The battery can now charge from 10 per cent to 100 per cent at a Level 2 charger in about six hours instead of nine. It can now get from 10 per cent to 80 per cent at a DC fast charger in 43 minutes instead of 47.

It still looks and drives like a Kona, but it might appeal more to buyers needing a little more room – and who don’t want to spend $50,000 on a car with a cheap-feeling interior. There are still only two trims: preferred ($46,399) and Ultimate ($51,199).

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The back seats of the 2024 Hyundai Kona Electric.Jason Tchir/The Globe and Mail

It should be on dealer lots across Canada this month, Hyundai said. It qualifies for full federal and provincial EV rebates.

Tech specs

2024 Hyundai Kona Electric

  • Base price/as tested: From $46,399 / $51,199, plus $1,925 for freight and pre-delivery inspection. (Not including federal and provincial rebates.)
  • Powertrain/battery: 150-kilowatt electric motor on front wheels with 201 horsepower / 64.8 kilowatt-hour battery
  • Drivetrain: Electric front-wheel drive
  • Energy consumption/range (Litres equivalent per 100 kilometres): 1.8 city/2.3 highway/2.0 combined / 420 kilometres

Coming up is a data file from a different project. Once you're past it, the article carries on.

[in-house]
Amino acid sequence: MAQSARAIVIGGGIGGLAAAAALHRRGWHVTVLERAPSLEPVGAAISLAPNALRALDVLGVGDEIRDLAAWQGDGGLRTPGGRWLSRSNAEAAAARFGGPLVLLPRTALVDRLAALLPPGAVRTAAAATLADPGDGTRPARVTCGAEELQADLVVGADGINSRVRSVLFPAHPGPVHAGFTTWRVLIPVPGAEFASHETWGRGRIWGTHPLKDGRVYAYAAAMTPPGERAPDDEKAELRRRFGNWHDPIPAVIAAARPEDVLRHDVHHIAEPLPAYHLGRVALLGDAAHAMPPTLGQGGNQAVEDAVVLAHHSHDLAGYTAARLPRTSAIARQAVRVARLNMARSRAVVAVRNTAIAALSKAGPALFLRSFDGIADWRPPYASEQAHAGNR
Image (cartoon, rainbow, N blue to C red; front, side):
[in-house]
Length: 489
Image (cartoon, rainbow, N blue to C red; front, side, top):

• Alternatives: Chevrolet Bolt EUV, Kia Niro EV, Nissan Leaf, Volvo EX30
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The 2024 Hyundai Kona Electric has a new, bolder look with horizontal LED running lights on the front and rear.Jason Tchir/The Globe and Mail


The Kona EV hasn’t entirely lost the rugged cuteness of the first generation, but it looks more mature. While it’s more conventional-looking than any of the Ioniqs, it still has character, owing to the horizontal LED running lights on the front and rear.


Hyundai used the word smooth to describe the Kona on the road – and it fits. On winding roads past Sooke, about 40 kilometres from Victoria, the Kona EV had plenty of pep to pass vehicles, but, unlike the outgoing version, it didn’t surge ahead with the lightest push on the accelerator. It’s a little less fun, but it should appeal more to buyers used to driving a gas-powered SUV. The regenerative braking is less abrupt than before – it didn’t feel like I was hitting the brakes every time I eased off the accelerator. It slows down more gradually. The level of regen is still controlled by paddles on the steering wheel, but they can now also activate one-pedal driving and an auto mode that adjusts regenerative braking based on the flow of the traffic in front of you. I had to use brakes a couple of times with one-pedal driving to keep from coasting through a stop sign.

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Interior space between the seats on the 2024 Hyundai Kona Electric.Jason Tchir/The Globe and Mail